I’ve made a decision.
In my first act as President -- or at least imperial grand pooh-bah of all things boxing -- I’m making next Monday, Sept. 16, a national holiday.
But not for the reasons you might automatically assume.
First off, it’s not simply another excuse to skip work and enjoy the official final gasps of summer here in Southwest Florida, though it’ll still be in the 90s most days into October.
Neither is it a long weekend recovery period from the chaos of the day job – as Math book-bearing ringmaster of a fourth-grade circus at a local elementary school.
Rather, it’s to take a moment to look back at how substantial -- both by fate and absolute coincidence -- this date has been in getting me to where I am today… firmly cemented in my position as one of your 100 favorite Tuesday morning boxing columnists.
Ah, yes… it’s a heady life I lead here in Cape Coral.
But I digress.
Most notable on the list of Sept. 16 events is one that happened exactly 38 years ago next week at Caesars Palace in Las Vegas -- the undisputed welterweight championship match between Ray Leonard and Thomas Hearns, promotionally billed back then as “The Showdown.”
Leonard was the TV-driven phenomenon who’d starred at the Olympics five years earlier and regained his pro crown from Roberto Duran in late 1980. Hearns, meanwhile, had laid waste to foes in more anonymous fashion before bursting onto the big stage with a demolition of Pipino Cuevas.
I was a seventh-grader at Edward Town Middle School in Sanborn, N.Y., and so sure my man Hearns would win that I leveraged my personal fortune -- a cool $50 from a job delivering the Metro Community News -- in penny-ante wagers with the other 12-year-old delinquents roaming the halls.
Suffice to say, when I woke up to hear the results over breakfast the next morning, I was crestfallen.
Nevertheless, when opportunity presented itself the next month -- in the form of an English composition for Mr. Rycombel entitled “It Happened That Day” -- I took my first crack at catharsis with an in-depth analysis of the fight and all that, in my view, had gone wrong for Hearns in the desert.
I got the paper back about a week later and happily turned to the back page to find the capital letter “A” and alongside it the phrase -- “You ought to think of this as a career, pal” -- that for the first time gave me a clear vision of exactly what I wanted to be when I grew up.
A sports writer.
As fate would have it, I took my first legitimate steps toward that goal exactly seven years later -- on Sept. 16, 1988 -- when I walked on jittery 19-year-old legs into the newsroom at my hometown Niagara Gazette for day one of a sophomore year internship from Niagara County Community College.
And though my night consisted mainly of taking reports from the Lake Ontario Fishing Derby and grabbing dinner for the guys from the Press Box restaurant next door, I went home knowing that there was nothing else I’d ever be truly as happy doing… getting paid to watch sports.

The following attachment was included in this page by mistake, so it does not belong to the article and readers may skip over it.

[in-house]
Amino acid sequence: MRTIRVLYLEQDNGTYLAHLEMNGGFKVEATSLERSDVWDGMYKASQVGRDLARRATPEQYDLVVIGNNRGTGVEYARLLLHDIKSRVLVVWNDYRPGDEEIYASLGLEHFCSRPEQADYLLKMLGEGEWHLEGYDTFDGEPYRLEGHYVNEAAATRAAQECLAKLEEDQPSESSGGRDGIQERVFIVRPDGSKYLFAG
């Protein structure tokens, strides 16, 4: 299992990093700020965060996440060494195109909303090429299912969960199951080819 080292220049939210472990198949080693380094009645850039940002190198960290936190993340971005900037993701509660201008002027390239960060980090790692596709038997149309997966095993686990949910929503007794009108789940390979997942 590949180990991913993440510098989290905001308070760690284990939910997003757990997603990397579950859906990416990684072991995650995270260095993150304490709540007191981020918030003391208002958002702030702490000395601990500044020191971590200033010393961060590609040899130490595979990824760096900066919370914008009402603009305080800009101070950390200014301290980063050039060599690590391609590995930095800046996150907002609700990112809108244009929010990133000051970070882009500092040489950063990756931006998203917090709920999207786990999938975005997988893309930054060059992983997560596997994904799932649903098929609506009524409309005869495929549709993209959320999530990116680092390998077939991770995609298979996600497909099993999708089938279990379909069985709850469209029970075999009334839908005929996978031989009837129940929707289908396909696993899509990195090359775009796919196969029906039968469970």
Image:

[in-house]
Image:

To say I've been lucky since it all began would be an understatement.
I've covered fights in Las Vegas, New York, Atlantic City and two foreign countries. I've interviewed Leonard, Hearns and Angelo Dundee. In fact, I was ringside for Hearns' last in-ring appearance at Cobo Arena in Detroit in 2005. I’ve done live TV and radio spots during big fight weeks. And I've been recognized for my work by an association I'd dreamed of joining long before I ever did.
It's been a great ride. And I've got Sept. 16, 1981 to thank for all of it.
Because for me anyway, "It happened that day."
Here’s to another happy anniversary, guys.
And thanks again, Mr. Rycombel. I owe you one.
* * * * * * * * * *
This week’s legit title-fight schedule:
Vacant IBO super lightweight title – Berlin, Germany
Rico Mueller (No. 22 IBO/Unranked IWBR) vs. Jeremias Nicolas Ponce (No. 38 IBO/No. 20 IWBR)
Mueller (25-2-1, 17 KO): First title fight; First weigh-in at super lightweight (previous low, 142 3/4)
Ponce (24-0, 16 KO): First title fight; Two wins in two scheduled 12-rounders in career (2-0, 1 KO)
Fitzbitz says: The Argentine is younger and totes a gaudy record, which makes it tempting to pick him. The fact that Mueller is a novice at super lightweight seals the deal. Ponce by decision (55/45)
WBO junior middleweight title – Carson, California
Jaime Munguia (champion/No. 6 IWBR) vs. Patrick Allotey (No. 13 WBO/Unranked IWBR)
Munguia (33-0, 26 KO): Fifth title defense; First fight in the state of California
Allotey (40-3, 30 KO): First title fight; Lost three of four career fights away from Ghana
Fitzbitz says: I’m still not quite the Munguia fan that a lot of my colleagues seem to be, but this one is nothing more than a stay-busy, look-impressive exhibition. Cue the highlights. Munguia in 4 (99/1)
WBO junior featherweight title – Las Vegas, Nevada
Emanuel Navarrete (champion/No. 1 IWBR) vs. Juan Miguel Elorde (No. 2 WBO/No. 65 IWBR)
Navarrete (28-1, 24 KO): Third title defense; Ten wins by KO/TKO in last 11 fights (61 total rounds)
Elorde (28-1, 15 KO): First title fight; Lone career loss came in only fight in United States
Fitzbitz says: The Mexican champion has had as transformative a 12-month run as anyone in the sport, though it’s been largely away from the mainstream spotlight. He continues here. Navarrete in 8 (95/5)
Last week's picks: 1-0 (WIN: Taduran)
2019 picks record: 70-14 (83.3 percent)
Overall picks record: 1,081-357 (75.1 percent)
NOTE: Fights previewed are only those involving a sanctioning body's full-fledged title-holder – no interim, diamond, silver, etc. Fights for WBA "world championships" are only included if no "super champion" exists in the weight class.
Lyle Fitzsimmons has covered professional boxing since 1995 and written a weekly column for Boxing Scene since 2008. He is a full voting member of the Boxing Writers Association of America. Reach him at [email protected] or follow him on Twitter – @fitzbitz.